As with Judah, this fascination with Egypt/business has sent us into a kind of exile.  Like them, we have to get comfortable with life in Babylon.  The most fruitful time in the whole history of the people of God was the decades they spent in Babylon.

Lynn Youngs + “Entrepreneurship and Innovation in the Business World”

            So, with a first presentation with a title like that my guard was up.  Youngs’ talk did not start well, what with defining entrepreneurship in terms of willingness to undertake the risk of building a productive venture “seeking profit as a reward.”  He debunked a list of misconceptions about entrepreneurship.  What I got out of this is the emphasis on growing a team; it’s not a lone-wolf, control-freak, gambler mentality that works.  It’s more about cooperation and building value. 
            The institutional barriers to successful entrepreneurs include complacency, fear of failure, budgetary limitations, forgone conclusions, and concentrating on ideas without attention to execution.  Some of this I can relate to.  If we broaden the definition of an entrepreneur to include anyone trying to innovate, experiment, or undertake a new “outside-the-box” initiative, Young’s talk begins to make sense.
            He says we, the denomination, should support an entrepreneurial culture by: breaking “silos” and unleashing multi-disciplinary thinking, identifying and fostering talent by giving people who are getting things done the resources they need, creating a trusting environment that tolerates failure….  Youngs spent a lot of time talking about failure and its benefits.  Failure is the pathway to success… unless it happens too often, in which case it is simply incompetence.  (How to discern beneficial from chronic failures was not addressed.)  “If you want to succeed, double your failure rate.”  Finally, there has to be a continual assessment of progress.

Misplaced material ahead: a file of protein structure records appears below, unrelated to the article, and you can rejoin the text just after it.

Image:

All this is very well.  But our denomination is characteristically strait-jacketed by a mania for “accountability” and other concerns, revealing an endemic lack of trust within the system, which keeps resources locked up and doesn’t tolerate failure at all.  Heck, we don’t even tolerate success, if it threatens some sacred cow!    
            Are we creating an environment? Youngs asks, or are we overly focused on outcomes?
            The most valuable aspect of Youngs’ talk was his characteristics of a successful entrepreneur: 1.  “Marry a June bride.”  This didn’t make any sense to me until it was unpacked as meaning finding someone with whom you can share the risk.  2.  “Think small.”  In other words, focus on the next step, don’t be distracted by the big picture.  3.  “Be a thief.”  Don’t be afraid to appropriate best practices, wherever you find them.  4.  “Take a vow of poverty.”  Invest fully in the project.  5.  “Become an orphan.”  Don’t let organizations hold you down.  6.  “Swallow your pride.”  Find a mentor.  And, 7.  “Be generous with the spoils of success.”  Share the gains with your team.
            These are somewhat helpful.  However, as one person at our table pointed out, the life of the church is supposed to be all about discipleship.  Following Jesus is the point.  The questions we were asked to reflect on at our tables had to do with defining success, parallels between the business world and the church, traits of church entrepreneurs, and what we can do to create an entrepreneurial environment.  Many tables appeared not to have advanced beyond the success question, and that is significant.  We are slow to understand what success means for us.  Success is not what our problem is.  Discipleship is.  I wonder if we trust Jesus enough to follow him.  And that’s the whole ballgame.